There's nothing quite as interesting as one's own dreams but the downside of this is that there's nothing potentially as boring as other people's. However one interesting thing about anyone's dreams is that if they write them up before falling asleep they may find that this captures details which they then completely forget. The next time they awake from consciousness they won't remember them. At all.

This may be to do with the way consciousness divides up time between the long and short term memory. I suspect that the short-term memory consists of "today" or in other words the amount of time since the last sleeping. This is how we distinguish today from yesterday. Today is now, we are conscious and living on our wits; memory of things that happened earlier that day feel very different from the memories of things that happened the day before, even though the difference in time between them is negligible. The important thing is that they happened in this bit of life between two instances of non-self.

But the short term memory is volatile. Go to sleep and it gets wiped in preparation for the next bit.

I noticed this recently when reading over a dream I had written down on my Tumblr mini-blog. Whilst I remembered some things like the "huge ham-like hands" or the "beatific smile" other stuff like the "train carriage that refused to run over the squirrel" was as new to me. I didn't remember it and I couldn't picture it.

So how come we can remember the events of the day itself but not the details of the dreams preceding that day? It's clear why - dreams are side effects of memory processing - but how does this work?  Either the dreams themselves are flagged with a "don't bother filing this into long term memory" bit or the events of the day are flagged with a "file this tonight" bit. Which is more likely? Given that sometimes we do remember dreams for years I suspect it's not so much that these dreams fail to be flagged "do not file" but that they are so memorable or reach a threshold of emotional resonance that automatically triggers the "file this tonight" bit.

This means that there may be more than two kinds of memory, there may be three - long-term, short-term (disposable) and short term (permanent). Whilst the latter two are indistinguishable to the working brain during the course of the day, only the permanent short term memories are converted into long term overnight (generating dreams in the process, dreams which, if we remember them at all, end up as disposable short-term memories with a four-hour half life).

I do wonder though if when you pull an all-nighter the brain attempts to start filing the memories of the previous day anyway - halfway through Morning 2 during one of these abnormal stretches of time the events of the previous day do indeed seem like events of the previous day, i.e. as if they have already been transferred into long term memory even if only on a rough and ready basis. Whether the temporary short term memories have disappeared by this point I have no idea; what would be useful would be to perform an experiment whereby I (a) record the psuedo-events of a dreeam in detail (b) pull an all nighter and then (c) read back through the events over 24 hours later to see whether I can recall them or not or whether some have already been utterly forgotten.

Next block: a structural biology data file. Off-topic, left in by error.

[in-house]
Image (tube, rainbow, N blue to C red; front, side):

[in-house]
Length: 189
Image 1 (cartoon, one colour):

Just as the sleep of reason produces monsters, being deprived of sleep for long enough produces hallucinations, which can be quite monstrous enough in their own right. This must mean that even though there might be some crude filing going on whilst awake eventually the brain can't cope and starts filing stuff in earnest and we start actually dreaming whilst awake.

These sleep-deprivation induced hallucinations are amongst the most convincing and high definition hallucinations I have ever experienced. And it is remarkable that they are induced merely by getting the brain to do something slightly different - no foreign chemicals have been introduced; this is your mind doing something it's perfectly capable of doing anyway.  Then again a hallucinogen such as LSD is merely a trigger - the chemical itself has no toxic effect as it's present in such low concentrations in recreational doses. All the molecules of lysergic acide diethyl-amide do is fit into molecular keyholes within chemical structures already present in the brain and activate something that perhaps is normally only activated during unconsciousness.

The imagination, the dreaming.

Remember when you were a child and some of the games you played were so real that you could almost see the fantasy worlds you were inhabiting? Time passes so much more slowly as a child and there is so much more to experience. So many more new memories to assimilate and pass from the short term to the long term. Perhaps this is why these involving children's games felt so real.

We were dreaming them live.

1 comments

  1. Kit  

    Interesting.Iagree in part. I dream always, and vividly. At times I go back to sleep as my dre.. ams are so interestng. I find this odd. No?

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